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How dependent is your state on the gun industry?

The Street Logo By Samanda Dorger of The Street | Slide 1 of 31: Americans continue to debate whether or not restrictions should be imposed on guns. In the thick of arguments for individuals' rights to own firearms and new state laws restricting them, are many states whose economies rely heavily on the firearms industry. 
Guns contributed more than $52 billion to the U.S. economy and generated over $6.8 billion in federal and state taxes in 2018, according to one firearms industry trade association. 
Gun crime is a high-profile, political and emotional issue. After the 2018 shooting at Stoneman Douglas High School in Parkland, Fla., where 17 people were killed, students traveled to Washington, D.C. to lobby for gun laws. Other shootings last year include one at a synagogue in Pittsburgh that took the lives of 11 people, and the Santa Fe High School shooting in Santa Fe, Texas, where eight students and two teachers were killed. These feed the debate on if, or how, firearms should be restricted. 
To find out which states rely heaviest on the gun industry, personal finance site WalletHub compared the economic impact of guns on each of the 50 states to determine which among them leans most heavily on the gun business, both directly for jobs and political contributions and indirectly through ownership. WalletHub compared the 50 states across three key dimensions: 
 - Firearms Industry - this includes metrics such as jobs and wages in the industry, number of firearms and ammunition dealers and manufacturers in the state, excise taxes, and gun laws in the state. 
 - Gun Prevalence - this includes the gun ownership rate, gun sales and gun advertising 
 - Gun Politics - this includes gun control and gun rights contributions to Congress, as well as a score assigned to senators based on how they voted on gun bills. 
Each state was given a score on these metrics and then ranked from one to 50. Based on WalletHub's study, these are the states that depend most on the firearms industry: 
 Photo: Joanne Dale / Shutterstock

Guns contributed more than $52 billion to the US economy last year

Americans continue to debate whether or not restrictions should be imposed on guns. In the thick of arguments for individuals' rights to own firearms and new state laws restricting them, are many states whose economies rely heavily on the firearms industry.

Guns contributed more than $52 billion to the U.S. economy and generated over $6.8 billion in federal and state taxes in 2018, according to one firearms industry trade association.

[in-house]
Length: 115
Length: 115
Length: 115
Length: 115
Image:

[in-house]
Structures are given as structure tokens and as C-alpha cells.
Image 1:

Gun crime is a high-profile, political and emotional issue. After the 2018 shooting at Stoneman Douglas High School in Parkland, Florida, where 17 people were killed, students traveled to Washington, D.C., to lobby for gun laws. Other shootings last year include one at a synagogue in Pittsburgh that took the lives of 11 people, and the Santa Fe High School shooting in Santa Fe, Texas, where eight students and two teachers were killed. These feed the debate on if, or how, firearms should be restricted.

To find out which states rely heaviest on the gun industry, personal finance site WalletHub compared the economic impact of guns on each of the 50 states to determine which among them leans most heavily on the gun business, both directly for jobs and political contributions and indirectly through ownership. WalletHub compared the 50 states across three key dimensions:

- Firearms Industry - this includes metrics such as jobs and wages in the industry, number of firearms and ammunition dealers and manufacturers in the state, excise taxes, and gun laws in the state.

- Gun Prevalence - this includes the gun ownership rate, gun sales and gun advertising

- Gun Politics - this includes gun control and gun rights contributions to Congress, as well as a score assigned to senators based on how they voted on gun bills.

Each state was given a score on these metrics and then ranked from one to 50. Based on WalletHub's study, these are the states that depend most on the firearms industry. Click ahead to see them.

© Joanne Dale / Shutterstock

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